As our search for the smaller road to Cairo failed again, we found ourselves at nightfall in a village a kilometre or so off the main road. Our plan had been to camp, but there seemed to be no adequate spot when we asked the locals, they looked at us in horror at the suggestion, as Ahmad had done the previous evening. Unfortunately, there were no hotels there and we were advised to move on to the Birkit El-Seb, the next town 10km away. Reluctantly, we rejoined the road and nervously cycled along – we really had wanted to avoid all night time cycling. We reached Seb only to be told that no, there was no hotel here either. We must have looked pretty miserable because the person we had approached, Ahmad (popular name) then suggested we could stay at his or at his friend’s, if we wanted. We said yes , probably too quickly, and found ourselves, after a 20 minute walk through town, in nothing less than a pretty swanky bachelor’s pad (for the night anyway - his parents were out of town), where five twenty-something boys were hanging out, smoking and playing video games. As sweet natured as many of the Egyptians we have me so far, their welcome was unexpected and great. Our host offered us fresh smoothies and showers, cooked for us and gave us his mother’s bed - casually, and as though there was nothing more natural than taking two strangers in for the night. We were so grateful.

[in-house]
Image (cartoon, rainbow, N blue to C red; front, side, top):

We were relieved the following morning when the signs to Cairo indicated there were only 60km to go. We had abandoned the idea of rejoining the small road and found solace at the thought of getting this stretch out of the way. We had cycled through parts that were too narrow, where concrete walls deliniated the edge of the road, making us feel uncomfortable and unsafe. As we approached Cairo, traffic become thicker and slower and the tarmac’s condition worsened. Potholes threatened and eventually took us out with a resulting fall and innertube blowout. From its outskirts, we cycled about 15km into Cairo’s centre, settled into a hostel and planned our next few “city-break” days: sorting out visas for Sudan, clothes washing, picking up bits and pieces for our bikes, including some culture plans (the museum of Cairo and the pyramids at Giza). Neither of us felt we would particularly enjoy Cairo - Africa’s largest city - but over those few days we found its nooks and crannies to be full of charm, and soaked up the backgammon-playing, tea-drinking, shisha-smoking atmosphere with great pleasure.
Hannah’s father Jamie had planned to meet us in Venice with the few pieces of equipment we had left in France, but instead came to Cairo after we suggested an excursion to the desert with the Bedouins together. We picked him up from the airport and left for the Oasis of Bahria the following afternoon. We had settled on two nights and three days in the desert and were escorted by our guide, Qasim, in his 4x4. We thought we’d leave Jamie to describe it...
"I was lucky enough to be able to come and join Reza and Hannah in Egypt for a week at the beginning of the African part of their mega bike trip. I feel privileged to play a tiny role in their adventure, and am very proud of their efforts as we all are.
We decided that the best plan would be to focus on spending some quality time together in the desert rather then trying to do a multitude of things. We decided to go to Bahria, about 400 kms south west of Cairo. This entails a 5 hour bus trip, which was fine as the buses are clean and modern and run more or less to schedule. In fact we set off an hour late, thus arriving in Bahria at midnight on Monday 1st November.